The poorest nation in the Western hemisphere, Haiti has suffered as a result of international intervention for over five hundred years. The damage continues to this day, in the form of desperate poverty and extreme brutality. Some of those at greatest risk are women.
Last year, the medical journal The Lancet estimated that in the year following 2004’s armed insurrection against the Haitian government, 8,000 murders and 35,000 acts of sexual assault occurred in the area surrounding the capital Port au Prince alone. More recently, the BBC reported that some UN troops deployed in the distraught nation have been accused of sexual violence against children.
And with Haiti’s for-profit healthcare model, the most vulnerable suffer. In the dozens of slums surrounding Port au Prince, women were forced to give birth at home in unsanitary conditions, without the benefit of electricity, latrines or even running water. Until Médecins sans Frontières got involved, that is. MSF opened Jude Anne Hospital one year ago, strategically locating it so the poorest women in the capital city could easily travel there. The hospital offers emergency obstetric care to poor pregnant women, for free. It also offers support for those who have been sexually assaulted, and provides anti-retroviral treatment to deter mother-to-child transmission of HIV.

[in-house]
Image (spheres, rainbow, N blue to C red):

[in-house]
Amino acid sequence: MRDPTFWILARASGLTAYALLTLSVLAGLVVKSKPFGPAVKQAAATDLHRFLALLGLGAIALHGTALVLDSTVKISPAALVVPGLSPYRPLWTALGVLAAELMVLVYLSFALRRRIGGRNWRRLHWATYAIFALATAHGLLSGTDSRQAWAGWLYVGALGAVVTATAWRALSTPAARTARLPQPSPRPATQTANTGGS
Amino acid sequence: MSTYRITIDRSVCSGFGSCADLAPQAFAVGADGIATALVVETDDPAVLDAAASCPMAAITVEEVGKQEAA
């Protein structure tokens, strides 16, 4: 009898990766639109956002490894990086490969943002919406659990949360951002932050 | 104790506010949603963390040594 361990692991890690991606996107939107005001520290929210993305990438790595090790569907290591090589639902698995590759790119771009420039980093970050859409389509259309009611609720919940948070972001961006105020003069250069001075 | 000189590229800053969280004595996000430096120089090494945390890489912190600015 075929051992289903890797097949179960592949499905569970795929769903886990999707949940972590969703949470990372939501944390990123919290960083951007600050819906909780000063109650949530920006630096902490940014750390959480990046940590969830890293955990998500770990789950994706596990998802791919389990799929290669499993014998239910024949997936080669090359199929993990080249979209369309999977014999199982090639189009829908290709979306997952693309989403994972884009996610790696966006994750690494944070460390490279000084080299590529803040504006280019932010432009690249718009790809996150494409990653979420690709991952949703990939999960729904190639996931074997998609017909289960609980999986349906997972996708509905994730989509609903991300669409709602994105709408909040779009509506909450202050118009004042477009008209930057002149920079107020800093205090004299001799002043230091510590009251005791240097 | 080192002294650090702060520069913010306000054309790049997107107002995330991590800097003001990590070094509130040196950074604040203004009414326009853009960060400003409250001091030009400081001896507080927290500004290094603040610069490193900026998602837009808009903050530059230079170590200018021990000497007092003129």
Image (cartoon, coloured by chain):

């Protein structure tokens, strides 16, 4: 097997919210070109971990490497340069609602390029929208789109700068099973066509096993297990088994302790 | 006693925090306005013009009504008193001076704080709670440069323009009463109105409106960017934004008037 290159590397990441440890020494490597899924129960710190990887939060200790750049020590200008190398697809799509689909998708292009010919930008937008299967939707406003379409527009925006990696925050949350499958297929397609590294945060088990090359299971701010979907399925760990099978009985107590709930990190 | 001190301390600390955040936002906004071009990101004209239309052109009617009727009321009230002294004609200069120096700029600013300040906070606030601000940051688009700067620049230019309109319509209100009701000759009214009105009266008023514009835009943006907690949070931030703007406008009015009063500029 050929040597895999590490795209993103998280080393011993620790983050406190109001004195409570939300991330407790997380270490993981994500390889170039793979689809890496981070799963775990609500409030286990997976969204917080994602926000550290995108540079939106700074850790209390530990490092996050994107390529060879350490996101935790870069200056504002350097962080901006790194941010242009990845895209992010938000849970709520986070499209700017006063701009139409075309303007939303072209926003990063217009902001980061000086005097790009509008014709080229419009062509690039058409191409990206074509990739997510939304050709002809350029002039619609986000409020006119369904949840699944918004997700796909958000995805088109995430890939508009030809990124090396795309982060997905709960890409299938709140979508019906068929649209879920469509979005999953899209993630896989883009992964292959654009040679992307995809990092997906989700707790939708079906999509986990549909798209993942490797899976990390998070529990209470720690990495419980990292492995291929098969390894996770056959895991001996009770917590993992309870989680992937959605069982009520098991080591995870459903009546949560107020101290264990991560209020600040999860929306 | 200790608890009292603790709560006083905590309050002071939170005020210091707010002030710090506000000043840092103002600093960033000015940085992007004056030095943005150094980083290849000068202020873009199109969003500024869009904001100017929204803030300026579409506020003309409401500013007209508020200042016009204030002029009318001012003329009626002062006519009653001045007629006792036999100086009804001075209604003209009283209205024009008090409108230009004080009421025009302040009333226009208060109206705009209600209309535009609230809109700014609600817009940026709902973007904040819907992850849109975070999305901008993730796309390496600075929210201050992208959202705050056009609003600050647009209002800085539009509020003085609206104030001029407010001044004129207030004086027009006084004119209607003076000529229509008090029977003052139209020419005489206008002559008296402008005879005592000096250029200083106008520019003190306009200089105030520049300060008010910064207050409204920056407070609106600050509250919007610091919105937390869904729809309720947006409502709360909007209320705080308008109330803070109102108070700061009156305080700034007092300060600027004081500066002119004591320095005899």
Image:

The hospital has just over 50 beds—but hundreds of women seek help there every day. So a fast turnaround is essential. About 4 hours can be devoted per standard birth; women who undergo Caesarean sections can recuperate there for two days. Still, the efforts of the hospital staff greatly increase the odds for women and children in a country where, the MSF points out, there are 523 maternal deaths for every 100,000 childbirths (compared with 20 deaths on average in Western nations).
Jude Anne Hospital saves lives. Many of its patients experience high-risk medical complications where an attempt at home birth would likely kill the mother, or child, or both. Still, even managing to get to the hospital can be a fateful risk. In the slums of Port au Prince, random violence such as shootings and kidnapping are daily occurrences. A lot of the births take place in the hallways or even in the parking lot. As Sarah Senbeto, one midwife working at Jude Anne, told MSF: “Sadly enough, we can only help a small portion of the women in Port au Prince. We can only save those who make it this far.”
MSF is on a mission to let the world know the struggles facing the poor women of Haiti. Find out more here.